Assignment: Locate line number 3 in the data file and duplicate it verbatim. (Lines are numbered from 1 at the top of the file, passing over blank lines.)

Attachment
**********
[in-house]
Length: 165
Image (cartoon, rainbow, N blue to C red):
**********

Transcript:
Image (cartoon, rainbow, N blue to C red):